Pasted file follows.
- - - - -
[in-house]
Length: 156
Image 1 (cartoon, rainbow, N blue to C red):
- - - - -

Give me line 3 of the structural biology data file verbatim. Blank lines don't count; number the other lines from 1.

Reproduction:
Image 1 (cartoon, rainbow, N blue to C red):